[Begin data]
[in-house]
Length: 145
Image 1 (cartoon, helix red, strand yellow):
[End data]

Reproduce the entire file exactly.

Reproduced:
[in-house]
Length: 145
Image 1 (cartoon, helix red, strand yellow):